85.67 (7.47)

 

83.85 (6.56)

89.71 1(12.61)

82.56 (7.86)

 

 9 M

84.98 (9.76)

93.16 (22.15)

84.97 (8.23)

 

82.33 (9.23)

94.61 (17.40)

81.33 (8.53)

 

 12 M

89.78 (8.28)

92.84 (22.41)

86.30 (7.22)

 

89.26 (7.07)

93.54 (18.33)

81.91 (5.95)*

 

VO2max (mL/kg/min)

        

 3 M

31.77 (5.45)

32.55 (5.04)

32.02 (5.41)

.972

32.72 (3.92)

33.75 (4.57)

33.45 (4.91)

.052

 6 M

35.05 (6.72)

34.32 (5.50)

36.36 (6.90)

 

36.37 (4.77)

35.59 (3.42)

39.27 (4.87)

 

 9 M

35.62 (6.81)

35.07 (5.89)

34.49 (5.95)

 

38.24 (5.48)

36.25 (5.14)

36.31 (4.17)

 

 12 M

34.11 (6.29)

34.61 (6.05)

34.89 (6.45)

 

35.41 (4.84)

35.82 (5.67)

37.04 (5.28)

 

aP-values for significance of interaction effects between exercise group and time via the generalized estimating equation.

FMD = flow mediated dilation; PWV = pulse wave velocity; HDL-C = high-density lipoprotein cholesterol; IMT = intima media thickness; LDL-C = low-density lipoprotein cholesterol; SD = standard deviation; TC = total cholesterol; VO2max = maximal oxygen consumption; WC = waist circumference.

*P < .05 is for a significant difference in fasting glucose levels by exercise mode at 12 months.

Table 3 summarizes the time effects for all the 3 groups on the outcome variables, based on the results of modified ITT and PP analyses. We found significant time effects for PWV (p = .048) and IMT (p = .018). We also found significant time effects for body weight (p < .001), lean body mass (p = .040), waist circumference (p < .001), total cholesterol (p = .006), LDL cholesterol (p = .020), and HDL cholesterol levels (p < .001), fasting glucose levels (p < .001), and VO2max (p < .001), based on the modified ITT analysis results. In other words, regardless of the exercise modes, PWV, IMT, body weight, waist circumference, and total and LDL cholesterol levels significantly decreased over time in the diet-plus-exercise intervention; HDL cholesterol level and VO2max significantly increased over time in the diet-plus-exercise intervention. Specifically, changes in body weight, waist circumference, HDL cholesterol level, and VO2max primarily showed linear trends. The IMT and fasting glucose levels showed quadratic curve trends, while PWV and total and LDL cholesterol levels showed cubic curve trends, based on the modified ITT analysis results. The findings from the PP analyses almost closely matched those from the modified ITT analyses.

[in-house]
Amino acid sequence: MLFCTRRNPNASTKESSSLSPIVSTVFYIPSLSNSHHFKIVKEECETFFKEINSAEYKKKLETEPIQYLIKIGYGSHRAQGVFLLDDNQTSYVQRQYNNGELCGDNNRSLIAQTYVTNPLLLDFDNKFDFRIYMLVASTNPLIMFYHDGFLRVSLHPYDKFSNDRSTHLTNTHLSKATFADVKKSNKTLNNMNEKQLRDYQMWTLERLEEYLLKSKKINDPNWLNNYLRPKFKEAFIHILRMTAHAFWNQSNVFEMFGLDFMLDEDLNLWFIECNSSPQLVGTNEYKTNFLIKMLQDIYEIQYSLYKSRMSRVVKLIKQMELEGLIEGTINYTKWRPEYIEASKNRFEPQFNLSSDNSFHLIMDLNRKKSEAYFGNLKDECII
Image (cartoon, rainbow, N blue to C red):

Table 3

Time effects on markers of subclinical atherosclerosis and anthropometric and cardiometabolic profiles

 

Modified intention-to-teat analysis (N = 92)

Per-protocol analysis (N = 49)

 

Mean (SD)

Pa

Mean (SD)

Pa

FMD (mm)

    

 3 M

10.93 (3.57)

.676

11.23 (3.67)

.628

 6 M

11.33 (3.84)

 

1171 (4.17)

 

 9 M

11.41 (4.20)

 

11.54 (4.57)

 

 12 M

11.11 (4.18)

 

10.93 (4.47)

 

PWV (m/sec)

    

 3 M

7.89 (1.14)

.048

7.60 (0.87)

.055

 6 M

7.72 (1.19)

 

7.36 (0.88)

 

 9 M

7.88 (1.19)

 

7.57 (1.00)

 

 12 M

7.87 (1.15)

 

7.56 (0.88)

 

IMT (mm)

    

 3 M

0.70 (0.16)

.018†‡

0.71 (0.19)

.042

 6 M

0.67 (0.14)

 

0.67 (0.16)

 

 9 M

0.68 (0.13)

 

0.70 (0.13)

 

 12 M

0.69 (0.13)

 

0.71 (0.13)

 

Body weight (kg)

    

 3 M

70.45 (10.86)

<.001*†‡

67.84 (9.46)

<.001*†‡

 6 M

68.95 (11.37)

 

65.81 (9.87)

 

 9 M

68.96 (11.41)

 

65.08 (7.84)

 

 12 M

69.04 (11.55)

 

66.03 (10.14)

 

Lean body mass (kg)

    

 3 M

45.29 (4.97)

.040*

44.65 (5.01)

.153

 6 M

45.14 (5.02)

 

44.40 (5.08)

 

 9 M

45.08 (4.96)

 

44.10 (4.29)

 

 12 M

44.99 (4.89)

 

44.28 (4.86)

 

WC (cm)

    

 3 M

92.80 ( 9.21)

<.001*†‡

89.88 (7.01)